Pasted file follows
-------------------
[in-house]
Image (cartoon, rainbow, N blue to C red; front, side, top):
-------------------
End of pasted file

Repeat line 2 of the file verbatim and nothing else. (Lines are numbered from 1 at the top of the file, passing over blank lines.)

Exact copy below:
Image (cartoon, rainbow, N blue to C red; front, side, top):